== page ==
A short excerpt from my article on Chris Ofili’s early work for ARC Magazine. Read the full article here: http://arcthemagazine.com/arc/2012/08/fav-presents-the-adoration-of-captain-shit/
It was December 1998 and Chris Ofili had just won the Turner Prize for his exuberant, elephant dung embellished canvases. I was in the middle of my MA at Goldsmiths College and was both fascinated with and made uncomfortable by Ofili’s work. The press covering the Prize reduced his paintings to what I found most problematic in Ofili’s work, focussing on the titillating novelty of elephant dung and on the artist’s racial and ethnic character. In addition Ofili seemed to court this type of coverage, and the work, I had to admit, invited it. Paintings such as the Adoration of Captain Shit represented the black male as a flat, sexually potent comic book character. Nevertheless my interest in Ofili refused to wane and if anything increased. The lush seductive surfaces, the painting’s multi-layered complexity and the in your face images all held my attention. In the end the very problems I had with the work seemed to point to long felt contradictions in the signification and self-representation of black culture. Captain Shit had something to say.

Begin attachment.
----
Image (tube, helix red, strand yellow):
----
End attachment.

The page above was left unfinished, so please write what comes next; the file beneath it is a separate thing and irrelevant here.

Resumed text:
Black artists in Britain at that time faced the usual dilemma. Work that touched on just about any aspect of our lived experience was dismissed as dealing with ‘black issues’, or, as the euphemism still has it, ‘identity’. Work that didn’t was seen as derivative of our white peers. The context for our work was completely determined by our racial character, and to insist that the work be viewed on its own merits was doomed to failure.
Ofili’s embrace of the most obvious stereotypes of blackness initially struck me as perverse. The visibility politics I grew up on dictated that what was needed was to broaden the understanding of what it means to be black…
Read the full article at arcthemagazine.com.